Throughout the Levi's brand review process, Advertising Age reported the story accurately and fairly -- including the outcome (AA, Oct. 27 et seq.).
For that professionalism, the magazine has our gratitude. And for the exceptionally gracious added measure you took, recapping a portion of the creative work we are so proud of having produced during our 68-year relationship with the brand, you have our special thanks.
President-CEO, Foote, Cone & Belding
Too soon to bury Wells
The body is not even cold. Actually the body is not even dead. So not only is it premature to mourn the death of Wells BDDP, it is distasteful and downright irresponsible to suggest that it "exit with dignity" ("Let Wells exit with dignity," AA, Feb. 23).
Whether Wells chooses to quietly fade away, or refuses to give up and fights, is a decision that remains the prerogative of its management to make -- not the editorial opinion of a magazine to promote in an open forum.
It is not just the almost certain additional damage caused to whatever credibility Wells has left with its existing clients and the business community at large that comments like "let Wells go with dignity" clearly inflict. It is more the moral outrage of the victim who is down and told to stay down that I think is equally reprehensible.
What is "lamentable" is not the (inappropriate) prediction of "the fall of an advertising agency brand," but rather the apparent loss, the disappearance of that quality we used to find commendable: courage to deal with and overcome adversity. If Wells chooses to fight, I for one would sooner cheer on their resolve than stand by and watch with detached passivity.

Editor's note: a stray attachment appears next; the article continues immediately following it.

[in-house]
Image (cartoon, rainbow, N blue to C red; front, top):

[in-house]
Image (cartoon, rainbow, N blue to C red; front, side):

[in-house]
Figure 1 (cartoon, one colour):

The hype is wrong; there is no glory in death. It's not how you die that matters; it's how you live.
Senior VP-director of client services, McCann Amster Yard
I thoroughly enjoyed Bob Garfield's online piece reviewing ads run during the Super Bowl ("Bud lizards electrify Super Bowl ads," AdAge.com and AA, Jan. 26). As usual, his comments were accurate and insightful.
However, regarding the spot from M&M's, Bob should have flunked that ad for using a completely inaccurate premise: The new millennium begins in the year 2001 (MMI), not 2000 (MM).
This is not meant to be annoying; it's a matter of being correct. M&M's logic would be the same as flying to a different time zone and not changing your watch or starting the new year on Dec. 31 because it's more convenient for your purpose. It just ain't so.
It's easy to remember: You count from one to 10, not from zero to nine. Any company, and especially one that sells its product to kids, should at least take the time to be honest and accurate while hawking its wares.
Port Washington, N.Y.
Selling not `cool'?
As is usually the case, Bob Garfield's reviews were right on target ("Bud lizards electrify Super Bowl ads," AA, Jan. 26).
But my 61/2-year-old son cut through the mayhem of murderous lizards, a digitally reincarnated Elvis and dancing tomatoes to offer an unwitting, but telling, indictment of Super Bowl ads: "These commercials are cool. Not like the regular ones where they're trying to sell you something."
Barry A. Cox
Bad rap for farmers
I'm sure there are hundreds of agri-marketing people who agree that it is Bob Garfield who doesn't understand agriculture and the environment. He surely wrote his Ad Review ("Brinkley is a loser in ADM's shill game," AA, Jan. 12) between two meals.
Farmers have been unfairly maligned for years about the environment because they don't fight back as a group. I believe it's documented that there are more trees, more deer and more ducks today than in 1776. Farmers take their stewardship over their land very seriously.
Food is too cheap in the U.S. Bob and his fat friends should give up food for a week and then write another column after foraging for food in his backyard.
Western ad manager
American Vegetable Grower